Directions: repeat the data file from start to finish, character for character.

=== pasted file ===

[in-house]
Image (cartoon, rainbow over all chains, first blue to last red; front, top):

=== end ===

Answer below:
[in-house]
Image (cartoon, rainbow over all chains, first blue to last red; front, top):